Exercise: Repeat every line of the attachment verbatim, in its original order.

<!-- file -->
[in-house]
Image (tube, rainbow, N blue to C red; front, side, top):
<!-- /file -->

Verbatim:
[in-house]
Image (tube, rainbow, N blue to C red; front, side, top):